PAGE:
Getting fit and healthy is a very real battle for many of us, and it’s one that statistics suggest we are losing. Even though we have more access to information and resources than ever before, we cannot seem to turn the tide against rising problems with physical and mental health.
But what if there were some simple tactics that acted to open the gateway to success in this fight, ones that gave you the advantage that you need to finally make progress.
That advantage is real, and it can be found in the form of your response to stress. This is something that I discovered through personal experience, the irony being that it was not during my military career, but during the period after while working in the corporate world.
What Actually Is Stress?
Everyone has experienced unpleasant feelings caused by stress. When you have that fear of things to come, worrying about bills or problems with your relationship. A head full of racing thoughts, like having every tab open on your computer. Everything feels so busy but nothing gets done.
But stress has been, and still is, incredibly useful to us. The key lies in the type of stress that your body is dealing with.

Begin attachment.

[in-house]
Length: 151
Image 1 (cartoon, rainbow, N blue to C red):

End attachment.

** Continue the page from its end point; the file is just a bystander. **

Stress is a response that basically advises you on what to do. It is a reaction in the brain where the amygdala–the part of the brain that handles decision-making and emotional responses–decides whether or not there is a threat and, if there is, alerts the hypothalamus–the part of the brain that regulates hormones–to the danger.
This then triggers a “fight or flight” reaction which causes changes throughout the body, to make sure we are best able to respond to the threat.
Acute Stress V Chronic Stress
In small doses this is a brilliant evolutionary system that works very well. This response kept our ancestors safe from dangerous animals or unrelenting conditions.
It’s what is known as acute stress, meaning it’s short and sharp, and in itself doesn’t take a heavy toll if we find ways to relax quickly. Once the stressor has been dealt with, we need to return our body to normal to be healthy and happy.
And this still serves us today if we feel like danger is close by and we switch into survival mode. The problem is that in comparison to evolution, modern society has come about very quickly, and the system that has served us so well is now malfunctioning.
Today we have a frustrating daily commute, financial strain, relationship disagreements, or caring for a sick loved one. These are all situations that can trigger a chronic stress response and then keep it going for weeks, months, or even years at a time.
And that is where things start to really go wrong. In today’s busy world we are prone to perceiving a low level of threat in everyday situations over a prolonged period of time, leading to a long-term stress response that is extremely hard on the body.
If your body is constantly on alert due to chronic stress (even if you don’t realise it) then all the other systems suffer, and you end up in a cycle that degrades you day by day.
From Battlefield To Boardroom
This difference between acute and chronic stress was something I experienced in my transition from military to civilian life.